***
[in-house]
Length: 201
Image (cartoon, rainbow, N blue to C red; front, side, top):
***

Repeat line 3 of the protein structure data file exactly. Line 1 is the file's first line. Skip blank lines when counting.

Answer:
Image (cartoon, rainbow, N blue to C red; front, side, top):